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Vector spaces

  1. Oct 5, 2012 #1

    I am wondering why is it that matrices and infinite sequences may be considered part of a vector space. I have read 3 different sources, and my interpretation of a vector space is something that belongs in a field and follows a list of properties that are standard to real numbers, i.e association, commutativity, zero property etc. It must have closure by addition and scalar multiplication, as well as being a nonempty set.

    Is the reason that a matrix can be included in a vector space is that it can be multiplied to a vector to give a constant. I think this would make sense since matrices follow the properties listed above, but how linear equations exist in a real number space pervades me, perhaps it is similar to a straight line existing in an xyz-coordinate system.
    Ax = b where x is a vector

    How is a vector space different from a typical coordinate system, other than it can go into higher dimensions?
  2. jcsd
  3. Oct 5, 2012 #2


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    Hey Woopydalan.

    There is infinite-dimensional vector spaces and infinite-dimensional operators and the first can be found under the study of Hilbert-Spaces and the second can be found under the study of operator algebra's:



    A Hilbert-Space is a complete inner product space (which is also continuous) and a Banach Space is a complete normed space (which is also continuous in the norm).
  4. Oct 5, 2012 #3


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    Hello Woopydalan! :smile:
    Basically, if you can add things, and if you can multiply them by a scalar (and you can do both those for linear equations), then it's a vector space. :wink:
    Not sure what you mean by a typical coordinate system, but if it's what i think, then every linear typical coordinate system is a vector space, and vice versa.
  5. Oct 5, 2012 #4
    A vector space is a set whose members satisfy the vectors space axioms and are called vectors.

    A vector space is not a field. Scalars are members of a second set which is a field.

    One of the important properties of the axioms is that the operations defined will always get you another member of the set and work for each and every member of the set. Further there is always a suitable member to perform these operations.

    That is for every a + b there is always a c in the set.

    Note that the basic axioms only include one operation between vectors, called addition of vectors. This one is mandatory.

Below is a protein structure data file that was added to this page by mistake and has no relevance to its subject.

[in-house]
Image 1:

Some vector spaces have other operations, such as multiplication of vectors etc.

    A good list of the axioms for your purposes is at

  6. Oct 6, 2012 #5
    Ok a separate issue, I am trying to understand subspaces better. They are saying in the book if a vector v is a linear combination of the elements of the vector space V, then is it the case that v spans V?

    If v is a linear combination of u, and u is a combination of the elements of V, then U is V. These terminologies are confusing me
  7. Oct 6, 2012 #6


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    what does that mean? :confused:

    anyway, a single vector can only span (or, more correctly, generate) a one-dimensional subspace :redface:
  8. Oct 6, 2012 #7
    First subspaces.

    Subspaces are also vector spaces.

    That is they are complete or obey the property I highlighted before, ie they contain all the vectors of a particular type and you can always find a c for any a+b.

    As a for instance

    Any plane is a subspace of the threeD vector space we use in geometry.

    Take the X-Y plane ; all the vectors of the form αX+βY live in this plane. There are no vectors that have this form that do not live in this (sub)space.

    Now we say the general vector αX+βY with α,β ≠ 0 spans the subspace because the X-Y plane is the smallest (sub)space that can contain such vectors. (A span is the smallest set that satisfies the given conditions. You may meet the idea in other contexts).
    We have the non zero restriction because if say β = 0 then the vector is αX+0Y = αX.
    This vector does not span the X-Y subspace since it contains no information about vectors with a Y value. You can take it that a spanning vector has a non zero value for every coordinate axis.

    So yes if v is a linear combination of all the members of V (except itself) then v spans V .

    Sorry if this is a bit rambling but you caught me on the hop.
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